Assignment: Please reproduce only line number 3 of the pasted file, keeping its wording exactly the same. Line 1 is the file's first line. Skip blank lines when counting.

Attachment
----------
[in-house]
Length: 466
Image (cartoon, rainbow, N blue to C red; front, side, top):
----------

Image (cartoon, rainbow, N blue to C red; front, side, top):